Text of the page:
The Accessibility for Ontarians with Disabilities Act (AODA) is a 2005 provincial law designed to improve access for Ontarians with disabilities, giving them the opportunity to fully participate in all aspects of daily life.Talk to an Expert
What Is AODA?
The Accessibility for Ontarians with Disabilities Act (ADA) was created in 2005 to eliminate obstacles for people with disabilities. Its purpose is to improve accessibility for Ontarians with physical or mental impairments in all public establishments. The ADA has a compliance deadline of 2025.
The ADA includes specific mandates for web design, applications, and digital content to ensure accessibility for individuals with disabilities. Web accessibility is a core component of ADA, due to the gradual switch to digital tools and technology in modern life.
The ADA requires compliance in five areas of business, including customer service, employment information, transportation along with the design of public spaces.
Who Does AODA Apply To?
Unlike the Americans with Disabilities Act (ADA), the AODA offers clear guidance on who it applies to.
The ADA states that all private companies and nonprofit entities with over 50 employees, and all public sector websites must comply with AODA web accessibility standards. The required conformance level is WCAG 2.0 Level AA success criteria.
Notably, a key difference with AODA is the requirement for compliance, rather than conformance. This means that by law, applicable websites must make the necessary accessibility changes to reach the required WCAG 2.0 standards.
In addition, all other Canadian websites should comply with WCAG 2.0 2.0 Level A success criteria.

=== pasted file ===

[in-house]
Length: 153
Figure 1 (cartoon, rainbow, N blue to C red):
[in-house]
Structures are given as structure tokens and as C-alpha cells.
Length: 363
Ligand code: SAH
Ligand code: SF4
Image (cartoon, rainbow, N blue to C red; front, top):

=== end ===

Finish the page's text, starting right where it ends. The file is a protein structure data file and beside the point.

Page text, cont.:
AODA Compliance - The Five Key AODA Standards
- Customer Service Standard
- Information and Communication Standard
- Employment Standard
- Transportation Standard
- Design of Public Spaces Standard
AODA Core Principles
- Independence- Those with disabilities should have the maximum amount of opportunity to lead an independent life. However, accessibility barriers can prevent this from being the case. AODA seeks to challenge such obstacles to ensure a fairer society for everyone.
- Dignity- When a person with a disability can live their daily lives without barriers, it instills a sense of dignity. In contrast, when a person is prevented from completing certain tasks due to having a disability, and no consideration has been made to make that task adaptable, this creates a barrier to dignity.
- Integration- Equality is about having equal opportunities as everyone else. In accessibility terms, this means not having to accept barriers or a lesser quality experience due to having a disability.
- Equality- Those with disabilities should have the maximum amount of opportunity to lead an independent life. However, accessibility barriers can prevent this from being the case. AODA seeks to challenge such obstacles to ensure a fairer society for everyone.
How To Know If A Website Conforms With AODA
Ensuring conformance with AODA standards requires expert knowledge of web design and development along with accessibility challenges. Furthermore, the AODA also requires training in the Ontario Human Rights Code. It is for this reason that as with conformance with other web accessibility standards which exist, AODA auditing, reporting, and remedial work is a specialist task.
If a website has not been designed with AODA standards in mind or has not received a recent AODA evaluation, it is likely non-accessible and therefore, non-compliant. Given the fines that can be given due to non-compliance with the required WCAG 2.0 standards, applicable organizations should undertake remedial work without delay.